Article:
April 7, 2020

First Steps

By Stephen Tuttle | Nov. 25, 2017

The rogue's gallery of accused sexual harassers, abusers, and assaulters now includes

actors, directors, producers, record moguls, politicians including two former presidents and the current president, television broadcasters both behind and in front of the camera, and various business executives.

Public opinion, which essentially ignored most such claims since public opinion existed, has turned dramatically the other way. The boys-will-be-boys attitudes of the past are gone or nearly so; women victims have found their voice and are using it. Men in power using and abusing mostly young women who have none are an ugly anachronism whose time is just about up.

What happened that so dramatically reshaped the landscape? We started believing the women, partly because so many were making similar accusations against the same men. Safety in numbers then opened the floodgates completely.   

More than 300 women have accused movie director/producer James Tobak of behavior ranging from inappropriate harassment to full-blown sexual assault. Several dozen have similarly accused Harvey Weinstein, and dozens more director Brett Ratner and music mogul Russell Simmons.

Accusations have been made that former president George H.W. Bush inappropriately touched young women (he apologized), we know Bill Clinton's history, and President Donald Trump has been accused by a dozen women and was twice recorded saying what sounded a lot like an admission of sexual assault. 

Clinton's case is instructive because the initial reaction to accusations against him used a template that is still popular today: First, strongly deny anything ever happened at all and demonize the accuser by claiming she's attention-seeking or money-grubbing, or of dubious repute in some way. When that doesn't work, claim the sexual contact you previously denied was actually consensual. And, of course, demonize the accuser by at least implying she's a slut. When that doesn't work, quietly pay a large settlement with a confidentiality clause so nobody can talk about it. “I didn't do it, she's a liar, she wanted me to do it, here's a bunch of money to be quiet.”

The Clinton camp called Gennifer Flowers, Paula Jones, and Monica Lewinsky liars and worse. The president even lied under oath about it and was impeached, though not convicted, as a result. But Flowers recorded phone calls with the president, Lewinsky kept that blue dress, and Jones received an $850,00 settlement. Clinton's defenders are mostly quiet these days. 

Even those acknowledging their behavior offer lukewarm or faux apologies complete with rationalizations and excuses, usually followed by a settlement offer. Former Fox broadcaster Bill O'Reilly paid one woman a staggering $32 million settlement all the while claiming he never did a thing and acquiesced only to spare his family the media storm sure to accompany any civil trial — a trial at which his family would presumably suffer the embarrassment of learning he was completely innocent, or so he said.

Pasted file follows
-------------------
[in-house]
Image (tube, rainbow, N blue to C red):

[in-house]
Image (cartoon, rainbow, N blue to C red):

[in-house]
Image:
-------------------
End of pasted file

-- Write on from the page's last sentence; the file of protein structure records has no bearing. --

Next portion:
Only President Trump, with a dozen accusers (all of whom he has called liars) and incriminating audio tapes, has escaped our new assumption of guilt; his supporters simply do not care what he does, including alleged criminal behavior.

Unfortunately, some of the most serious sexual assault allegations are now too old to prosecute, the statute of limitations having expired. Most of those now being accused will never face any kind of criminal prosecution but careers, justifiably so, are over. 

(Sexual harassment itself, by the way, is not criminal unless it involves other crimes, like unwanted touching or coercion, but it's unacceptable and plenty actionable as a civil matter. Not to mention the attendant career-ending publicity.)

Thank goodness women now feel sufficiently empowered to expose some of this aberrant behavior even if it happened decades ago. It's the first step in getting around a corner that should have been turned long ago. The next step is to start reporting the miscreants immediately. It's surprising there isn't some sort of nonprofit that helps women report harassment and abuse and protects them during the process.

The porcine predators are already on notice that there can be career-ending consequences for their behavior, and it would be good to add legal consequences to the mix. If a bigger weapon is required to make this stop, then women should have it. 

There should be a cautionary note here. The assumption of guilt is a dangerous road antithetical to our legal traditions. It's inevitable some accusations, likely a relative handful, will not be true. We have to be willing to reject those while affording the wrongly accused a chance to defend themselves even in the current atmosphere; accusations alone are not proof of guilt. 

That women have found a strong voice and the public is finally offering a listening ear are benchmarks in a too-long journey. The silence has been shattered, and the first steps in ending the outrages have been taken. Now, let's keep walking.


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